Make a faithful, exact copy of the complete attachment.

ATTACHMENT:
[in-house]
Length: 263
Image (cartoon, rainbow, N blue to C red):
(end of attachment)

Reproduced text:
[in-house]
Length: 263
Image (cartoon, rainbow, N blue to C red):